Why Medical Price Controls Are A Terrible Idea (Phillips Gausewitz, MD article)
Excerpting a few points from lengthy article. The title refers to the substance of so much that is intrinsic to current approaches to gov run medic care as repoints out a fools arena experientially a fools errand Excerpt Phillips Gausewitz, MD article)
. . . Third party payment insulated patients from the cost of coverage as well as the cost of the care they consumed. They didn’t even see their bills as doctors and hospitals billed the insurance companies or the government directly. Employees didn’t realize that their insurance benefit was off set by lower pay and came to believe that their medical care cost very little leading to over utilization. We developed a payment system in which, because patients had no concern about costs, neither did doctors, hospitals, insurers, regulators and politicians. No wonder prices kept rising.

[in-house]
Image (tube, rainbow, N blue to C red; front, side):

Finally, in a misguided attempt to control costs, Medicare price controls were imposed on hospitals in 1983 and on physician fees in 1992. Insurance companies piggybacked on the government rules, resulting in about 90% of physician fees being covered by government or contractual controls. . . .
There is general agreement amongst economists that if price controls succeed in keeping prices below the normal market level they result in increased demand, shortages, lower quality, and black markets. They are particularly destructive in Medical Care where, in addition to economic problems, they result in needless suffering and death.
The damage from Price Controls began in 1993. Of the inevitable results: shortages, lower quality, increased demand and black markets, the shortage of physicians and resulting decrease in quality are the most important. The conservative estimate of the American Association of Medical Colleges is that there will be a shortage of 91,000 physicians by 2020. Physician responses to having their incomes severely limited while their expenses and the incomes of comparable professionals increase are what would be expected from rational individuals and are harmful to patients.
The most obvious response is to see more patients and decrease the amount of time spent with each patient. Appointments are often scheduled for 10 -15 minutes each, much of which is spent on paperwork. If more time is needed for more than one problem additional appointments are scheduled.